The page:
Cloud Business Model
There will always be naysayer. Every time a new technology emerges, it’s soon followed by a long line of anti-supporters. Cloud computing services is no different. It’s new. It’s trendy. It threatens the business model of some companies so drastically, that many misconceptions have been perpetrated to try and debunk cloud computing and force clients back to traditional methods of computing.
Cloud Computing is Unreliable
A truly cloud computing system, one that has been properly designed and correctly executed, has many layers of redundancy built in. The network is constantly backed up. Most are self-replicating, ensuring that every bit of data is preserved in the event of a disaster. Cloud computing services by its very nature was conceived to increase reliability and availability to customers. Access to the data stored in the cloud relies on a connection to the network, usually the Internet, and the reliability of that connection can have a negative impact on the accessibility of the data in the cloud.
Remote Network Access
Cloud computing does require some type of remote access to the network. Such a connection is often supplied via the internet, but private options, such as a direct line to an off-the-grid cloud service can also be used. The reliability of the connections has a direct impact on the usefulness of the cloud. A connection that is unstable or not always available my give the impression that the cloud based service is malfunctioning. In fact, the cloud service is operating perfectly; it’s the user’s connection the cloud that is experiencing fault.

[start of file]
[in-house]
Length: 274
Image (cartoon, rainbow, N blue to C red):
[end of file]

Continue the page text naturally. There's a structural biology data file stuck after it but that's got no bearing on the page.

The real advantage of cloud computing is its on-demand nature. Services can be scaled up to satisfy a sudden increase in network traffic. Likewise it can be scaled down during times of low traffic to conserve resources, which can help reduce operating costs. Cloud based systems are an ideal on-demand system. They can change size almost instantly to meet the needs of the users.
Many modern cloud-based services have evolved to allow a certain level of self-service for the end users. Not only does this allow a user greater control over their cloud service, but it enables the users to make adjustments to their service without the need to contact their service provider directly. While the changes that a user can make are limited, as to avoid a situation where the client lacks the expertise required for a certain change, the ability to self-service the cloud service can be a big benefit to some companies.
By Deney Dentel,
Deney Dentel is the CEO at Nordisk Systems, Inc., a managed and cloud computing service provider company in Portland, OR. Deney is the only localised and authorised IBM business partner in Pacific Northwest. You can also follow him on LinkedIn.
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